But anyway, I don't have figures how well ChromeOS is selling. But here is a suggestion how ChromeOS could become the most successful desktopOS. Motorola showed already a mobile phone with Linux desktop (Atrix). The idea is that a mobile phone can be connected via HDMI to a monitor and via USB or bluetooth to keyboard and mouse. As soon as connection to monitor is detected, desktop Linux distribution starts on Android kernel. All of the data like contacts, emails can be shared with Android. The concept of Motorola headed in the right direction, but there were some rough edges, like outdated software preinstalled, and the update process was quite cumbersome. In March Ubuntu announced a distribution, which can be preinstalled by phone manufactures on their phones. The concept is the same as with Motorola phone, but the Ubuntu distribution is famous for its user-friendliness. So far I'm not aware of any phone, which uses Ubuntu, but I guess this is just a question of time.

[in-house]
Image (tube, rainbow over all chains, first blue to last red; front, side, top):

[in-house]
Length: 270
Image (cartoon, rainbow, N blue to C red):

The concept of turning mobile phone into a full-fledged computer is certainly intriguing. But even compared with a simple netbook a mobile phone ofter lacks required amount of storage capacity for the programs and for the data. Also there is a question how to synchronise this device with the main computer. That's why a cloud based operating system, where all the data are stored in the cloud and the programs called from the web is the right choice for a desktop mobile device OS. That's where ChromeOS can show its strength. ChromeOS doesn't need lot of memory and processing power, all the programs don't have to be available on the storage medium and all the data is saved in the cloud. Places where a monitor and a mouse are available, should have at least WI-FI connection available as well. One important fact is of course that ChromeOS is already available for ARM processors, so most of the mobiles should be able to run it right now. So ChromeOS running on Android phone would be a perfect matching case, between the requirements of a desktop system and what mobile device is able to provide.